The scallop shell, often found on the shores in Galicia, has long been the symbol of the Camino de Santiago. I have been browsing the Internet to try and understand why this beautifully shaped shell is of such importance and how it came to be associated with the Camino. The following is a medley of what I have discovered.

Over the centuries the scallop shell has taken on mythical, metaphorical and practical meanings, even if its relevance is actually due to pilgrims wishing to take home a souvenir!

Two versions of the most common myth about the origin of the symbol concern the death of Saint James, who was killed in Jerusalem for his convictions about his brother, John. James had spent some time preaching on the Iberian Peninsula.

Version 1:  After James' death, his disciples shipped his body to the Iberian Peninsula to be buried in what is now Santiago. Off the coast of Spain a heavy storm hit the ship, and the body was lost to the ocean. After some time, however, the body washed ashore undamaged, covered in scallops.

Version 2:  After James' death his body was mysteriously transported by a ship with no crew back to the Iberian Peninsula to be buried in what is now Santiago. As James' ship approached land, a wedding was taking place on the shore. The young bridegroom was on horseback, and on seeing the ship approaching, his horse got spooked, and the horse and rider plunged into the sea. Through miraculous intervention, the horse and rider emerged from the water alive, covered in seashells.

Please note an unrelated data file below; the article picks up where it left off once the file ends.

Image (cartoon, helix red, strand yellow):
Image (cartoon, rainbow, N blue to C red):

The scallop shell also acts as a metaphor. The grooves in the shell, which come together at a single point, represent the various routes pilgrims traveled, eventually arriving at a single destination: the tomb of James in Santiago de Compostela. The shell is also a metaphor for the pilgrim. As the waves of the ocean wash scallop shells up on the shores of Galicia, God's hand also guided the pilgrims to Santiago.

In art James appears as three distinct types; one of them is the pilgrim: He wears the pilgrim's broad-brimmed hat and cloak. From his staff or shoulder hangs the wallet or water-gourd of the pilgrim. His special attribute, the scallop shell, appears on his hat or cloak, or on the wallet.